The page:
“They just want to see change. They want us to rip up Trenton inside out and backwards,” Piscopo is quoted as saying. The problem for Piscopo is he would run as a Republican, and Chris Christie has been governor since 2009. He still has another year left in office, but he is already a lame duck in large part because of Bridgegate. Christie received a 19 percent approval rating in a new Quinnipiac University poll, the lowest of any governor in that poll’s history. That kind of political environment would make it very difficult for any Republican to run.
According to the New Mexico Political Report, Senator Tom Udall will not run for governor in 2018:
“While I firmly believe that I have the backing and the experience to properly address all these issues, I have determined, after consulting with my family, colleagues and constituents, that New Mexico will be better served by my remaining in the United States Senate,” Udall said.
In his statement, Udall outlined the problems he sees in the state, including falling “behind in education and jobs” and failing “to take full advantage of our abundant natural resources and our potential for developing a renewable energy industry.”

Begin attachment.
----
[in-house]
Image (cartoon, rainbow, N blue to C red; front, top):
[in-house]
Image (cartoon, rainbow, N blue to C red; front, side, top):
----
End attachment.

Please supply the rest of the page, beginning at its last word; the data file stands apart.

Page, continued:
The incumbent Republican governor Susana Martinez is term-limited, meaning that New Mexico will have an open governor’s race in both parties. On the Democratic side, the New Mexico Political Report mentions Rep. Michelle Lujan Grisham, Attorney General Hector Balderas, Santa Fe Mayor Javier Gonzales, former magazine co-founder Alan Webber and former Univision executive Jeff Apodaca as possible candidates. For the Republicans, Lieutenant Governor John Sanchez, Rep. Steve Pearce and Albuquerque Mayor Richard Berry are mentioned.
Udall is up for re-election in the Senate in 2020.
Donald Trump chose Iowa governor Terry Branstad to be his ambassador to China, an offer that Branstad accepted. The vacancy for Iowa’s chief executive would be filled by Lieutenant Governor Kim Reynolds until the 2018 election. Branstad – who was already the state’s longest serving governor – was up for reelection, but now Democrats will have the opportunity to run against Reynolds. This would give Democrats an opportunity to win another governorship, in a state Trump won by a slightly larger margin than Texas.
The Democratic Governors Association went through the opposition research on Reynolds and forwarded this Politico story mentioning her as a potential U.S. Senate candidate in 2014. Depending on the political and economic winds in two years, as well as candidate recruitment, this could be a good opportunity for Democrats to get a win.
North Carolina governor Pat McCrory just released this video statement through the official North Carolina governor’s office account announcing his concession:
Here are the reactions:
Democratic National Committee:
North Carolina Democratic Party:
There are no statements yet from the Republican National Committee, the Republican Party of North Carolina, or the Republican Governors Association. This post will be updated if they make any public statements later.